- Apple’s Kevin Lynch, a VP of technology, has been tapped to help lead its car work.
- Apple is reportedly revamping its self-driving car project, and parts of its Health division are in flux.
- Lynch, a key architect of the Apple Watch, has shaped the giant’s health and wearables strategy.
- See more stories on Insider’s business page.
Apple’s Kevin Lynch, a vice president of technology, has been tapped to help with the tech giant’s secretive car project, four people familiar with the matter told Insider.
Lynch is one of the architects behind the Apple Watch. In 2013, he was brought in specifically to grow the product from an idea into a reality, and is largely credited for helping to define a new product category for Apple, “wearables,” that’s now making billions per quarter.
Prior to Apple, he was the chief technology officer at Adobe, where he helped bring Creative Cloud, a serious of apps for photography and more, to life, per Lynch’s bio. During the previous decade, he led software at Macromedia, a similar company, purchased by the Adobe in 2005 for $3.4 billion.
In addition to heading up watchOS, Lynch is also one of a handful of VPs defining Apple’s healthcare strategy. His title as VP of technology won’t change, and he will continue to stay involved on watch and health, a person familiar with the matter told Insider. But it’s not yet clear how Lynch’s new focus on the car efforts will affect his day-to-day responsibilities with those teams.
Apple declined to comment on Insider’s reporting that Lynch will be working on the car project and on how that may affect his other roles.
It’s happening as Apple reportedly revamps its work developing a self-driving car and as parts of its Health division are in flux. The pressure has been on Apple in recent years to carve out new device categories as demand for smartphones, the bulk of Apple’s revenue, has slowed, and the giant has turned to new divisions like Health and projects like the car to further solidify its future.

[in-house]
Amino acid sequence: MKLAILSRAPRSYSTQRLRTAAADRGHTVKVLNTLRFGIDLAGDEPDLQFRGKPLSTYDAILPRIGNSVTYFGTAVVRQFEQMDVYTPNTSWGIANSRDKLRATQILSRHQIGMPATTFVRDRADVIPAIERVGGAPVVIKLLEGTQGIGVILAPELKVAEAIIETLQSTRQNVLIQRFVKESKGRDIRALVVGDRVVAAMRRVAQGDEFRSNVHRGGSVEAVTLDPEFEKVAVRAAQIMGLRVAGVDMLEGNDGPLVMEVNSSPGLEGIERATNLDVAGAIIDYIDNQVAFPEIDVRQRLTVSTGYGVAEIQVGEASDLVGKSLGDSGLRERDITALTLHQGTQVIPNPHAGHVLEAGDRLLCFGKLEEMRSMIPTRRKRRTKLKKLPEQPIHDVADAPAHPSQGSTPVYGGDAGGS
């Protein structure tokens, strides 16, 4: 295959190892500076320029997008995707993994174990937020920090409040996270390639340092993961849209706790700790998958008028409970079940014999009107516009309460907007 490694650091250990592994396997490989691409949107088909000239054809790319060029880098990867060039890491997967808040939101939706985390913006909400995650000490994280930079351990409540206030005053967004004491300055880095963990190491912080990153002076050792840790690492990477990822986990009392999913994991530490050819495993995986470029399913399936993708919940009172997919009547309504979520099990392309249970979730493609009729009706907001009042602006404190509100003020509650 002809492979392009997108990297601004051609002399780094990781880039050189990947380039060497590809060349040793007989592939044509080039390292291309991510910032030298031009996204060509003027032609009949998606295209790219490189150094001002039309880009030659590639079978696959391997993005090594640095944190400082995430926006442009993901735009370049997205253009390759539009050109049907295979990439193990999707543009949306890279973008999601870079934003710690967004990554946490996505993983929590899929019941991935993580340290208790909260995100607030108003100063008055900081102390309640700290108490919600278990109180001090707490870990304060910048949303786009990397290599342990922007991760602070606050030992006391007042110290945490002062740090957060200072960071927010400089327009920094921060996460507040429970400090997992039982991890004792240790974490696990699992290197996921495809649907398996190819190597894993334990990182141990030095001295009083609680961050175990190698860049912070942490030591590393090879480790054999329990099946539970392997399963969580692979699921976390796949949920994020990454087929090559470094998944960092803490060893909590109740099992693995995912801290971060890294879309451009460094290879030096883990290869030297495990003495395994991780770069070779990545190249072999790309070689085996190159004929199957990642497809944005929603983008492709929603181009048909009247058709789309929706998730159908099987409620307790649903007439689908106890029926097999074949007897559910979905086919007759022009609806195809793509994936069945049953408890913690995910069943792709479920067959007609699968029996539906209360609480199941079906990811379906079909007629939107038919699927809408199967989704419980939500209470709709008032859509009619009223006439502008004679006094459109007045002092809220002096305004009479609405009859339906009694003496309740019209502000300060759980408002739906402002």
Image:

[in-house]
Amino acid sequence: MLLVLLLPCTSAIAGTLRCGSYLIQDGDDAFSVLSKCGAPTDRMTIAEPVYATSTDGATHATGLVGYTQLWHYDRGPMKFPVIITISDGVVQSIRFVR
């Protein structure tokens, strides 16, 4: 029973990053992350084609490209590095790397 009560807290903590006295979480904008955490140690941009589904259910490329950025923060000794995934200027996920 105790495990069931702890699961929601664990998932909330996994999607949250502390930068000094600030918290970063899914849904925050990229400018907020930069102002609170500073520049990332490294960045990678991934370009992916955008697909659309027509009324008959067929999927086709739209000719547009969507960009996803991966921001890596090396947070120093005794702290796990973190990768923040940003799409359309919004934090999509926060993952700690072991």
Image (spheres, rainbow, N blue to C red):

Apple has been recruiting experts for its car project
Apple is building electric car technology, several outlets have reported over the years.
CEO Tim Cook has vaguely acknowledged aspects of the car project. During an interview with The New York Times in April, Cook said he was going to be coy in terms of the work that Apple is doing with autonomous driving.
“We’ll see what Apple does,” he said.
In 2014, Apple set out to make an Apple Car to rival the likes of Tesla, but pared back its ambitions around 2016 to focus more on the underlying self-driving technology, Bloomberg and Reuters report.
But over the last several months, Apple has been moving forward with goals to produce a passenger vehicle that could launch as soon as 2024, Reuters reported in December.
Apple has recently been recruiting car experts to pad the division’s leadership team, which saw a few notable departures earlier this year, Bloomberg reported. VP Doug Field, formerly of Tesla, is running the division and reporting to John Giannandrea, senior VP of machine learning and AI, per Bloomberg.
It’s not clear if Lynch, as a software expert, would specifically oversee the car or some other aspect of the automobile work.
Lynch has been a key part of Apple’s health work
Lynch’s team in particular is known, among other projects, for its work creating the original Health app, which debuted in 2014, and coding the electrocardiogram feature, which tests the electrical activity of the heartbeat and checks for atrial fibrillation. Other teams make the algorithms behind the health sensors.
Lynch will be stepping back from Chief Operating Officer Jeff Williams’ health staff, a team of health VPs that includes Dr. Sumbul Desai, head of care delivery and regulatory, Myra Haggerty, who leads algorithms, Eugene Kim, head of watch hardware, and other critical drivers of the health strategy.
Evan Doll, a director of health software engineering, will replace Lynch on the staff, one of the people said. While Doll will continue to report to Lynch, Lynch’s absence on that team, home to the organization’s decision makers, means he’ll be less tangibly involved in health strategy, two of the people said.
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